The Infants’ Home (TIH) was one of the recipients of a RAD2 grant which the organisation used to arrange the digitisation of records and images relating to the Home, which are held at the State Library of New South Wales.
As a result of this work, TIH provided the Find & Connect web resource with new information so we could update our entries about the organisation and its records. It was in the course of inputting this new content that I found myself down the wondrous rabbit-hole that is Trove, curious to find out more about the ways in which Sydney society responded to the issue of ‘foundlings’ in the 1870s.
I went looking for more information about the institutions that preceded the establishment of The Infants’ Home in 1877: the Sydney Foundling Hospital (1874 to 1877) and the Sydney Foundling Institution (May to October 1874). The newspaper articles and letters from Sydneysiders about the pros and cons of establishing a foundling hospital yielded new data for the Find & Connect web resource (including a couple of new entities). The material on Trove also was a rich source of information about Sydney in the 1870s and varying social attitudes to ‘illegitimate’ children, single mothers, charity and welfare – some of which seem so strange to the modern reader, and others which are all-too familiar.
In mid-1873, the newspapers were proclaiming that Sydney was in the midst of a crisis of infanticide and child abandonment. In July, the Sydney Morning Herald stated that 6 children had been found dead around Sydney already that year. Public concern peaked when an infant was discovered in Hyde Park, almost dead from strangulation. On 23 July 1873, the Sydney Morning Herald, after proclaiming that ‘Infanticide has now risen to an enormous and characteristic evil‘, concluded that ‘there is no way to meet desertion, which commonly includes infanticide, whether or not intended, but by providing a Foundling Asylum’.
This widespread public concern about child desertion and infanticide was the context in which a meeting took place in Sydney on 5 August 1873. That day, about ‘forty ladies of Sydney’ gathered to consider how none of the existing charitable institutions in Sydney at that time were able to meet the ‘special requirements of this child of immorality and distress – and hence, it might be inferred, the lamentable frequency of infanticide’ (The Sydney Mail and New South Wales Advertiser, 9 August 1873, p.168).
In 1873, the primary institution for single mothers and their children in Sydney was the Benevolent Asylum, situated on the site that today is Central Station. The Benevolent Society founded the Benevolent Asylum in 1821. Some of the women advocating for a new foundling hospital claimed that the Benevolent Asylum was not meeting the needs of single pregnant women. Mrs EB Parnell (who would later be the first president of TIH’s committee) raised concerns about the Benevolent Society’s requirement for a woman to be interviewed by a committee (of men) before she could be admitted to the Asylum. ‘Many unfortunate girls … will not go to a place where they have to meet a committee of gentlemen. For this I think they are to be respected,’ Parnell wrote in a letter to the SMH on 12 August 1873.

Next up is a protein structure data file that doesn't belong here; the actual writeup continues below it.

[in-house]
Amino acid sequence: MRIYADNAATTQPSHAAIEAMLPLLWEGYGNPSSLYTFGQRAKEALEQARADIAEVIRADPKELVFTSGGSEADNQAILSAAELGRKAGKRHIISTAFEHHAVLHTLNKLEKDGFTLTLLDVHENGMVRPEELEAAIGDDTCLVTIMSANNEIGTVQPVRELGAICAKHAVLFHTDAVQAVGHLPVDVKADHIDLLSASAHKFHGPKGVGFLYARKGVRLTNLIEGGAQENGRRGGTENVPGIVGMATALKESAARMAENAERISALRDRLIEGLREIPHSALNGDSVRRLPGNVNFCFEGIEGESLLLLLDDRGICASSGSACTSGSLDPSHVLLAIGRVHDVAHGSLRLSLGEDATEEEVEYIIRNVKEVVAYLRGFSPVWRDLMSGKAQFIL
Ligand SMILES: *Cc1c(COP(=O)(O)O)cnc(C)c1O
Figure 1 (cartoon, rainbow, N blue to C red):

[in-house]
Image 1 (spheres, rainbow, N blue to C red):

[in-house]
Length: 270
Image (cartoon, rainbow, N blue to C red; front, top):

Many women also expressed strong opposition to the institutional practice of separating mothers and babies. As Swain and Howe have demonstrated, at this time the widespread belief was that keeping a single mother together with her child was ‘rewarding immorality’ (see, Shurlee Swain with Renate Howe, Single mothers and their children: disposal, punishment and survival in Australia).
The women at the meeting in August 1873 agreed that they would form a committee to work towards establishing a new ‘Foundling Institution and Home for Mothers who do not wish to desert their children’. This decision was the genesis of the Sydney Female Mission Home, which opened in November 1873, located in Elizabeth Street, Sydney. The Infants’ Home claims it was ‘the first’ institution to keep single mothers and children together – Trove shows that this is not quite correct – the Sydney Female Mission Home (SFMH) just predates the Sydney Foundling Institution (the predecessor to TIH, established in May 1874).
TIH’s statement that its founders were ‘visionaries’ who ‘recognised the folly of the dominant view that a refuge would condone immoral behavior’ was absolutely supported by the historic newspapers on Trove. The articles demonstrate the pervasive beliefs these women were up against: that single mothers were ‘depraved’ and that providing them with charity only encouraged ‘immorality’.
In 1876 and 1877, NSW Parliamentarians debated motions to omit the Foundling Hospital from government grants for ‘charitable allowances’ with a majority opposing any public funds being given to the institution. Members of the committees which ran the new foundling institutions were patronised and ‘mansplained’ to by the press:
It is impossible not to applaud the ladies who are wishing so earnestly to provide against the destruction of infant life by such unnatural mothers as have recently been exposing or murdering their illegitimate offspring. But we very much question the wisdom of the plan which is likely to be adopted. The ladies deserve the utmost sympathy and respect; but we fear that their well-meant efforts are in the wrong direction.(The Protestant Standard, 16 August 1873, p.4)
Despite the many obstacles, and the lack of government support, the Sydney Female Mission Home existed from 1873 until at least 1905, and The Infants’ Home continues its work today.